After “Good Tinder Date” with Putin, Trump “Unilaterally Surrendered” to Russia

“Trump just unilaterally surrendered to Russia on election interference,” Morgan Finkelstein, the Press Secretary for the liberal Center for American Progress Action Fund, said in a memo send to PoliticusUSA, in which Finkelstein likened the meeting between the two leaders to a “good first Tinder date.”

After “Good Tinder Date” with Putin, Trump “Unilaterally Surrendered” to Russia

After the Russians pwned Donald Trump once again, in public, and basically laid claim to the US while Trump rolled over and played dead, Morgan Finkelstein, the Press Secretary for the liberal Center for American Progress Action Fund, said that Trump just surrendered to Russia on election interference.

“Trump just unilaterally surrendered to Russia on election interference,” Finkelstein said in a memo send to PoliticusUSA, in which Finkelstein likened the meeting between the two leaders to a “good first Tinder date.”

“After a bilateral meeting that sounded like a good first Tinder date, based on the official readout, Trump is rewarding Putin’s egregious behavior by giving Putin the platform he so desperately craves without getting anything in return. Trump is unilaterally surrendering American sovereignty and the right to fair elections free of foreign interference.”

They highlighted this from the readout of the meeting (which, by the way, was just sent to PoliticusUSA, after the off-camera briefing and delayed audio demand by the Trump administration), in which Tillerson told the press that the President focused on moving forward since “it’s not clear to me that we will ever come to some agreed upon resolution of that question between the two nations so the question is what do we do now. And I think the relationship – and the president made this clear as well – is too important and it’s too important to not find a way to move forward.”

Q: “On the US election, could you spell out any consequences the Russians will face?”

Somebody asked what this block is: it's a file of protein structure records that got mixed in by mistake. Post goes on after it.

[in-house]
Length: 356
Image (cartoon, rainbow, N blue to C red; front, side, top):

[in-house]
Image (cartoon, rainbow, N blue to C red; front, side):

Tillerson: “The president took note of actions that have been discussed by the Congress, most recently additional sanctions that have been voted out of the Senate to make it clear as to the seriousness of the issue. But I think what the two presidents – I think rightly – focused on is how do we move forward, how do we move forward from here? Because it’s not clear to me that we will ever come to some agreed upon resolution of that question between the two nations so the question is what do we do now. And I think the relationship – and the president made this clear as well – is too important and it’s too important to not find a way to move forward. Not dismissing the issue in any way, and I don’t want to leave you with that impression. And that is why we agreed to continue engagement and discussion around how do we secure a commitment that the Russian government has no intention of and will not interfere in our affairs in the future, nor the affairs of others. And how do we create a framework in which we have some capability to judge what is happening in the cyber world and who to hold accountable. And this is obviously an issue that’s broader than just U.S.-Russia, but we certainly see the manifestations of that in the events of last year. Again, I think the president is rightly focused on how do we move forward from what may be simply an intractable disagreement at this point.”

Note the question was what consequences will Russia face, and the answer is basically none unless Congress does it. Sure, that might seem plausible, until we recall that President Obama left behind a good start on a time bomb Trump could deploy if he wished. Trump does not wish, it seems.

“It makes you wonder: what does Putin have on Trump that could make Trump act like a supplicant on the international stage? How deep in trouble is Trump that he couldn’t even perform the most basic task – asking Putin not to interfere in our elections?” Finkelstein asked, adding, “Trump’s unwillingness to put up a fight speaks volumes about what could be in Putin’s arsenal against him.”

The darkness surrounding the Trump administration’s trickle of information should be contrasted with the Russian foreign minister who talked on live TV about the meeting between the two leaders, claiming that Trump accepted Putin’s assertion that Moscow was not involved in the hacking of the 2016 election.

The Trump administration both forced the briefing to be off camera and put a delayed audio demand on the briefing. This is not normal. As I wrote earlier, this is called rolling over.

Finkelstein made a good point asking why, exactly, Trump would be willing to be humiliated like this on the international stage.

Recent posts on PoliticusUSA